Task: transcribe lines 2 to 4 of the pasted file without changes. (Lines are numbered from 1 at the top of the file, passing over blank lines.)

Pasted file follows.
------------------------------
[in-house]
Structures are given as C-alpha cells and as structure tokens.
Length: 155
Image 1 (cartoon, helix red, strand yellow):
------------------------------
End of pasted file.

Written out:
Structures are given as C-alpha cells and as structure tokens.
Length: 155
Image 1 (cartoon, helix red, strand yellow):